The Lavender Hill Mob (1951)

This charming Ealing caper stars Alec Guinness as Henry Holland, a meek London bank clerk responsible for overseeing the transfer of gold ingots from the foundry to the city vaults. When a new lodger moves into his sleepy boarding house home in Battersea, Holland befriends the man, Alfred Pendlebury (Stanley Holloway), and learns that he is a sculptor who makes a living designing and manufacturing souvenir nicknacks. Together they hatch an ingenious plan to hijack the bank's bullion van on Holland's watch, melt down the gold and reshape it into miniature statuettes of the Eiffel Tower for shipment to Paris, where it can finally be sold on the black market. But they'll need help and, as always, the best laid plans of mice and men often go awry.

Making Hitchcockian use of le tour Eiffel and a series of more unusual locations, including a girls' primary school and a police training college in Hendon, The Lavender Hill Mob largely takes place in a bomb-damaged capital slowly getting back on its feet after the war. Some have noted the influence of Italian neo-realism over Michael Balcon's Ealing during this period, as many of the studio's comedies shared the then topical theme of ordinary citizens being driven to crime in response to economic adversity. That's very much the case here, as amateur crooks Guinness and Holloway call in professional cockney hoodlums Sid James and Alfie Bass to help execute their heist. Others have read into the foursome's trusting relationship a political allegory for Clement Attlee's Labour government but that seems like stretching a point to me.

As he would later do to such great effect playing George Smiley in a brace of splendid John Le CarrĂ© adaptations for the BBC (1979, 1982), Guinness hides a deviously cunning, calculating brain behind a mask of phlegmatic officialdom. No one suspects fastidious, dependable old Henry Holland after 20 years of loyal service. His late-blossoming bromance with Holloway is sweet and beautifully evoked in the scene in which they race down a spiral staircase at the Eiffel Tower, laughing hysterically together and discarding hats and coats as their masterplan threatens to unravel at the hands of a group of giggling schoolgirls. The tender portrayal of their friendship seemed to me to be a clear influence on the unlikely criminal syndicate at the centre of Robert Asher's later Make Mine Mink (1960). The film also features a thrilling chase in a stolen police car, an original set-up that allows Guinness and Holloway to thoroughly bamboozle their pursuers by issuing misleading, contradictory instructions over the radio. In fact, the authorities are mocked throughout The Lavender Hill Mob and this particular scene spoofs Ealing's own police propaganda film The Blue Lamp (1950), which was also scripted by T.E.B. Clarke, featured Dirk Bogarde in an early role and introduced the world to Jack Warner's Dixon of Dock Green.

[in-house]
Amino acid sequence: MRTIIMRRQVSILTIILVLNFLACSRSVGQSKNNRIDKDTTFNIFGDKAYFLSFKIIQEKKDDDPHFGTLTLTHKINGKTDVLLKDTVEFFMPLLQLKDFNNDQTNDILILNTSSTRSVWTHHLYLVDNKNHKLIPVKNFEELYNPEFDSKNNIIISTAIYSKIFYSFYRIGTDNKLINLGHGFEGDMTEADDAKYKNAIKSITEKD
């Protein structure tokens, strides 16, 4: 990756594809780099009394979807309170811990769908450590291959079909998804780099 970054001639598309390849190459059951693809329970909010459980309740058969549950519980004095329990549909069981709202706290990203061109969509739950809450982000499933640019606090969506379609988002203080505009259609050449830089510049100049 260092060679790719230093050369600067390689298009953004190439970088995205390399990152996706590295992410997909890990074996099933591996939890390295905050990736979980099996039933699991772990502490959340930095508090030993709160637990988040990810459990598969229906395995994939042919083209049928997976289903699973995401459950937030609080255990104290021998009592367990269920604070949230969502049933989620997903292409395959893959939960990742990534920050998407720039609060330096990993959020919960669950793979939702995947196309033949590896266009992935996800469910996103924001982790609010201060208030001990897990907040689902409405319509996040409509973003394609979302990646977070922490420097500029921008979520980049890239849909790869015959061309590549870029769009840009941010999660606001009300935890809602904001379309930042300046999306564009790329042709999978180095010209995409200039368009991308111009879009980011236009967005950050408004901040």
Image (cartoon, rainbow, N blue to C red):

A cast of familiar faces in small character parts includes Sydney Tafler, Edie Martin, Marjorie Fielding, John Gregson and even a young Audrey Hepburn in the opening Rio scene (though she doesn't appear in the on-set picture above). Hepburn would be promoted from extra to cigarette girl that same year when she appeared in Mario Zampi's Laughter In Paradise and things could only get better from there. Clarke won an Oscar for his ingenious screenplay though Guinness lost out on Best Actor to Gary Cooper for High Noon (1952). Amazing to mark the difference between US and British output at that time. Director Charles Crichton, also responsible for two other celebrated Ealing odes to amateur pluck, Hue & Cry (1947) and The Titfield Thunderbolt (1953), was dredged out of retirement by John Cleese in 1988 to helm A Fish Called Wanda. Listen out too for the film's score by Frenchman Georges Auric, who would also contribute the music for a number of Ealing films including Passport To Pimlico (1949).

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